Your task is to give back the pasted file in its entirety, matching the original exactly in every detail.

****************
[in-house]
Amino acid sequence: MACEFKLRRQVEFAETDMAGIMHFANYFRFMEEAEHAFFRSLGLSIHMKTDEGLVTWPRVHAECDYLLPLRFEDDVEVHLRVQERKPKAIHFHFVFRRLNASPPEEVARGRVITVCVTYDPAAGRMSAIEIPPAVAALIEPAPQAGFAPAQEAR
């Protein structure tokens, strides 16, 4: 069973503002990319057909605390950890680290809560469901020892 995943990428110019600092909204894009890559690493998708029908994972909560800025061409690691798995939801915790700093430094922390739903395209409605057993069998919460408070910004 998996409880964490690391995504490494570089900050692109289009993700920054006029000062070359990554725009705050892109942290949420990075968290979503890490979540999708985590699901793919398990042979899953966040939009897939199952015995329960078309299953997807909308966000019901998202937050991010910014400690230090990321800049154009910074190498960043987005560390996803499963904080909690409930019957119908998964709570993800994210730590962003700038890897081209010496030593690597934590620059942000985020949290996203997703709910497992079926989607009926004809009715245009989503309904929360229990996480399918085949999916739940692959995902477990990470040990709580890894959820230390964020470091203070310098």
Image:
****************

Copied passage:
[in-house]
Amino acid sequence: MACEFKLRRQVEFAETDMAGIMHFANYFRFMEEAEHAFFRSLGLSIHMKTDEGLVTWPRVHAECDYLLPLRFEDDVEVHLRVQERKPKAIHFHFVFRRLNASPPEEVARGRVITVCVTYDPAAGRMSAIEIPPAVAALIEPAPQAGFAPAQEAR
């Protein structure tokens, strides 16, 4: 069973503002990319057909605390950890680290809560469901020892 995943990428110019600092909204894009890559690493998708029908994972909560800025061409690691798995939801915790700093430094922390739903395209409605057993069998919460408070910004 998996409880964490690391995504490494570089900050692109289009993700920054006029000062070359990554725009705050892109942290949420990075968290979503890490979540999708985590699901793919398990042979899953966040939009897939199952015995329960078309299953997807909308966000019901998202937050991010910014400690230090990321800049154009910074190498960043987005560390996803499963904080909690409930019957119908998964709570993800994210730590962003700038890897081209010496030593690597934590620059942000985020949290996203997703709910497992079926989607009926004809009715245009989503309904929360229990996480399918085949999916739940692959995902477990990470040990709580890894959820230390964020470091203070310098």
Image: